Beginning in Supreme issue 64 this spring, Larsen takes over as lead writer and artist after Moore penned the character’s adventures for more than 20 issues. But there is still one more Moore story to tell, and that comes in Supreme No. 63, out in April from Image Comics and illustrated by Larsen.
First appearing in Liefeld’s Youngblood in 1992 as part of his Extreme Studios imprint before getting his own series, Supreme was at first simply Superman if he was complete jerk. When Moore took over the character in Supreme issue 41, he instead made him like the do-gooding Man of Steel he grew up with, giving him similar abilities as Superman, a mild-mannered alter-ego (Ethan Crane), the Lex Luthor-ish arch-enemy Darius Dax, a superpowered canine pal a la Krypto and even his own Lois Lane in the form of Diana Dane. (Even the cover of Moore’s first issue was an homage to Superman No. 1 from 1939.)
When they were looking at older titles to relaunch as ongoing series as part of Image’s 20th anniversary this year, Larsen was talking with his fellow Image founder Liefeld about having one final Moore script on the shelf when he had an epiphany about how to keep it going.
“A lot of creative people do this,” Larsen explains, “where you sit there and go, ‘Well, if I was going to write the next episode of Star Wars, this is what would happen.’ Most of the time, you really can’t do the next episode of Star Wars or the next whatever-it-is. But in this case, I actually could do this crazy idea that I just came up with on the spot.”
Moore had been toying with different realities and dimensions in his later issues, one with lots of Supremes (called “Supremacy”) and even a realm with all sorts of Darius Daxes. Larsen wondered if Moore’s Supreme had been running around for all this time, whatever happened to Liefeld’s Supreme?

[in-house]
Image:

“What I wanted to do was take what had been in the book prior to Alan’s run and take Alan’s run, and kind of marry the two in an interesting way,” Larsen says.
And for those who completely missed the past 62 issues of Supreme back story, issue 63 is a natural catch-up story. Moore summed it up well in his final issue, Larsen says, as Supreme gives his gal pal a guiding tour of his grand world, exposing her — and any new readers — to a history of what came before.
“It can be really cumbersome if you start over-explaining stuff. What it comes down to is what do we need to know, what’s essential, what would you be completely lost without knowing,” Larsen says.
However, what Supreme doesn’t know is what all the incarnations of his evil enemy are planning. And there is a major cliffhanger that moves right into Larsen’s run beginning in issue 64 that will also feature art by Cory Hamscher.
Larsen also writes and draws his original creation, Savage Dragon, on a monthly basis and hopes to share characters and connecting aspects with those of Supreme.
All in all, Supreme will be heading in “some wild new directions,” Larsen says.
“The book needs to be more than just an homage to Silver Age comics that Alan Moore liked as a kid. Me coming on board and keeping elements of what Alan has done — and at the same time add something new to it and add something old to it — I think it’ll be cool.”